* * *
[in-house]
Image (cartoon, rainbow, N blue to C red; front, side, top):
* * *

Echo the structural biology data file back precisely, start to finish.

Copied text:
[in-house]
Image (cartoon, rainbow, N blue to C red; front, side, top):